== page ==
Evolution

Population Genetics of Frozen Bears

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Science  25 Feb 2000:
Vol. 287, Issue 5457, pp. 1365
DOI: 10.1126/science.287.5457.1365b

It is generally assumed that genetic differences between geographically isolated populations of a species are a direct consequence of their separation, which reduces the chance that genetic exchange will counteract divergence. Indeed, the degree of genetic divergence can be an indication of the endurance of isolation.

Leonard et al. have analyzed mitochondrial DNA sequences from samples of brown bears preserved for 15,000 years in Alaskan permafrost. The isolated populations of brown bears in present-day North America vary in their sequences of these regions of mitochondrial DNA; surprisingly, the sequences within a single population of Ice Age bears showed a similar range of variation. If this variation existed before the populations became geographically subdivided, then the current divergence is not the result of post-isolation genetic drift; rather, it must have arisen by a ‘sampling effect’, as the original population became fragmented and dispersed (see also Willis and Whittaker, Perspective, this issue, p. 1406).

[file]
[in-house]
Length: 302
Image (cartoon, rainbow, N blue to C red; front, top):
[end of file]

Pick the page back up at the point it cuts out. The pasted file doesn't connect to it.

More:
The analysis of ancestral populations is a rare bonus for the population geneticist, and the exceptional preservation of the Ice Age brown bears is unlikely to be repeated in many organisms. But reconstructions of past population history by phylogenetic inference from extant populations now have an added twist.—AMS

Proc. Natl. Acad. Sci. U.S.A.97, 1651 (2000).

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